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|Material Type:||Document, Internet resource|
|Document Type:||Internet Resource, Computer File|
|All Authors / Contributors:||Organisation for Economic Co-operation and Development.|
|ISBN:||9789264192171 9264192174 9264186255 9789264186255|
|Description:||1 online resource (159 pages)|
|Contents:||Foreword; Table of Contents; Part I. Summary and Conclusions; Part II. The Production Relationships Underlying Multifunctionality; Part III. Externality and Public Good Aspects of Multifunctionality; Annex 1. A Note on the Concept of Jointness in Production; Annex 2. Joint Production in Four Outputs: Two Agricultural Commodities and Positive and Negative Externalities; Annex 3. Multifunctionality in Other Parts of the Economy; Annex 4. Economic Inefficiency Caused by a Decrease in Import Price; Annex 5. Supplemental Note on Characteristics and Optimal Provision of Pure and Impure Public Goods. Annex 6. Some Factors Supporting Voluntary Provision of Public GoodsAnnex 7. Trade and International Income Distribution Issues in the Presence of Externalities.|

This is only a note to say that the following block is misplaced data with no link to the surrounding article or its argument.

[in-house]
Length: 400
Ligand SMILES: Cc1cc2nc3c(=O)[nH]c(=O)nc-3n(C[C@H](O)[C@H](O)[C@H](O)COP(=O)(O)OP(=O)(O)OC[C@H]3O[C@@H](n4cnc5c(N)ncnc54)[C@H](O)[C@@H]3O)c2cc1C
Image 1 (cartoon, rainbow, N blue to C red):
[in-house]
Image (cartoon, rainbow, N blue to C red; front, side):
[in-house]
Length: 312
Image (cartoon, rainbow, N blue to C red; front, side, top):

The term multifunctionality is increasingly used, but is prone to different interpretations concerning its definition, its utility and its implications for policy at domestic and international level. The OECD undertook this analysis to clarify the concept of multifunctionality and to try to establish a common analytical framework and terminology. Examining production, externality and public good aspects of multifunctionality, the analysis contained in this report leads to a series of questions, the answers to which determine if and when policy intervention is warranted and what the nature of that intervention should be. The framework encompasses both negative and positive externalities of agriculture. The first question relates to the degree of jointness in production between the multiple outputs. The second question identifies the circumstances in which market failure arises. A third question leads to an investigation of the public good characteristics of the outputs in question and helps to define the optimal type of intervention. These may range from market creation, to the imposition of user fees, the formation of clubs or public provision financed at local, regional or national level. The most efficient policy option is defined by the nature of jointness on the supply side and by the characteristics of the output on the demand side, all costs and benefits being taken into account.